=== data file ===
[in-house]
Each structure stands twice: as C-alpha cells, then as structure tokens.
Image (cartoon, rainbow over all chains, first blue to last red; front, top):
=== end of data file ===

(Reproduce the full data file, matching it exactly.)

[in-house]
Each structure stands twice: as C-alpha cells, then as structure tokens.
Image (cartoon, rainbow over all chains, first blue to last red; front, top):